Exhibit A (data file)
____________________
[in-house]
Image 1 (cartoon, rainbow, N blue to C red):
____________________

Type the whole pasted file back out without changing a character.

[in-house]
Image 1 (cartoon, rainbow, N blue to C red):